The Weekender, July 6, 2018

1) “Fatal accidents, off-the-books workers, a union once run by a mobster. The rogue world of one of New York’s major trash haulers.” (ProPublica, 34 minutes, June 2018). That’s not the actual headline but the real one doesn’t help you decide whether to click, and it also can trip up email filters.

The headquarters of Sanitation Salvage, one of the largest private trash haulers in New York City, is a squat brick building that sits unremarkably amid the garbage dumps and razor wire of the Hunts Point section of the South Bronx.

The Squitieri brothers, owners for decades, can be found on the top floor of the house-like structure on Manida Street. The three brothers are men of considerable wealth and fixtures in Bronx politics, and one of them, Steven, has been seen riding to special events in a white chauffeured Rolls Royce. They are also, according to employees, unforgiving bosses, profane taskmasters who push a small army of drivers and off-the-books workers through grueling shifts of 18 hours or longer.

[ . . . ]

In 2016, Mouctar Diallo, a teenage African immigrant, stepped into the rough-and-tumble world of Sanitation Salvage. He was hired off the streets of the Bronx for a few bucks in cash, then spent 18 months as one of the company’s “third men,” hustling ahead of the trash trucks to grab garbage from the curb and keep the gritty show rolling.

Then, nearing the end of a shift on Nov. 7, 2017, Diallo wound up crushed to death under the wheels of a Sanitation Salvage truck. The men he’d been helping lied to the police, saying their dead colleague was a homeless person who had come out of nowhere. The police took them at their word, and Diallo was buried quietly by his family, the circumstances of his death a cynical fiction.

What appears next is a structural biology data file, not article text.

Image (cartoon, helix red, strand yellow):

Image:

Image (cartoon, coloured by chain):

[ . . . ]

Michael Maldonado worked for 12 years at Sanitation Salvage, where he earned the nickname “Mikey Cardboard” because one of his routes required picking up lots of paper for recycling. Maldonado said the scrutiny of Sanitation Salvage is long overdue. But, like many current and former workers, he believes the Squitieris — who are major donors to the local Bronx Democratic Party machine — are too powerful and connected to face any serious consequences.

“How has this been under the radar for so many years?” he asked. “How is it that somebody has to […] die for people to notice?”

2) ‘How an Ad Campaign Made Lesbians Fall in Love with Subaru” (Priceonomics, 12 minutes, May 2016). I don’t like the headline because the article isn’t really about an ad campaign — it goes much deeper than that. Thanks to reader Ashley W. for the suggestion.

3) “All Queens Must Die” (The Verge, 11 minutes, August 2016). The subhead (almost) explains what they mean: “On Santa Cruz Island, they killed the cows, sheep, and bees. Now it’s time to finish the job.” It’s the story of an island overrun by invasive species, and the ants are the last to go. The article doesn’t lend itself to an ant-related excerpt but the pig portion is great, so here you go.

The pigs were the trickiest. Or trickiest yet. They’d been on the island since the mid-19th century, brought over by the first ranchers, and had long gone feral. The Parks Service and Conservancy closed off most of the island to the public beginning in 2005, called in teams of New Zealand snipers and helicopter pilots and, within a year, had killed 5,000 of them. Over the next few months, some of the remaining pigs were captured and radio collared. Pigs are social, and extremely smart. The snipers tracked the collared, so-called Judas pigs back to their kind and, only if and when they could destroy a group all at once, opened fire. Any pig left alive, even wounded, would become all the more skittish and difficult to find. It would teach others to fear helicopters overhead.